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Bloggers driving the news agenda: bar room tittle-tattle or a correction to MSM?

I've breezed through quite a few commentary pieces on UK deputy prime minister John Prescott's demise in Norwegian press recently, but those I've read all miss one of the big points of what brought it about: the relentless onslaught of bloggers such as Guido Fawkes alias Paul Staines and Iain Dale.

Or did it? Some hail Prescott's recent troubles as 'the first big political victory' of UK bloggers, others predictably question the value and legitimacy of the bloggers' campaign. The Independent's deputy political editor Colin Brown told The Press Gazette: "[The bloggers] have just put on the web something about a name that everybody knew about, but had no evidence on. That's neither brave nor great journalism — that's just bar room tittle-tattle dressed up as journalism." The Press Gazette is well worth reading on this, as well as The Guardian's excellent article last Monday, where Guido himself mounts a passionate defence for the influence of blogs.

Guido Fawkes currently boasts 200,000 hits a month, much of it made up of mainstream media. My friend Brian Micklethwait told me a while back how it's always been a tradition for this type of incendiary, irreverent writer in the UK, and Brian, Wordblog and others point to the similarities with the role previously played by Private Eye. In an excellent piece on Guido's narrative, Brian writes:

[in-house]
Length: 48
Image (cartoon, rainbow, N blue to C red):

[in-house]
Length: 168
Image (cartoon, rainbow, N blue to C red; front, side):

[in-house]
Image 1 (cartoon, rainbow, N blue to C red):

"My understanding is that the 'conspiracy' of which Guido is a part includes mainstream journalists. As Antoine explained in our last mp3, they tell Guido some juicy titbit. Guido reports it. Iain Dale reports that Guido reported it. The journalists can then report that 'internet sites' reported it - the plural being quite important because it makes omitting the actual names of the 'internet sites' a lot less ridiculous."

This obviously raises quite a few questions to journalistic practice as well.

What of Norwegian Bloggers?
Now of course, we've seen this sort of scenario, where bloggers get the story long before it's picked up by mainstream media, unfold several times across the Atlantic, starting with Trent Lott's much publicised fall from grace. But as I'm currently blogging from the northern outpost of Oslo, it begs the question: what about Norwegian bloggers?

Norwegian bloggers first hit the headlines in a big way during the cartoon war, where quite a few published the infamous cartoon depicting Mohammed as a suicide bomber. This created a bit of an uproar in a consensus oriented country such as Norway, where most mainstream media were scurrying to make apologies for this 'abuse' of press freedom. So far, this is the only major political controversy that I am aware of where Norwegian bloggers have played a very public role, but I don't claim to be an expert on the history of the Norwegian blogging scene so feel free to leave a comment if you think there are other agenda setting blogging stories that should be mentioned.

Of course, another big development is 'the vast right wing conspiracy' - Norway's first political video blog, which aims to run weekly broadcasts starting this fall. I find this development quite encouraging, though for the record I have to state I wouldn't be surprised if it turned out I knew all or most of the team behind VRC, I certainly know the presenter, but I would be equally excited to see mainstream media complemented with a whole range of diverse political video blogs...


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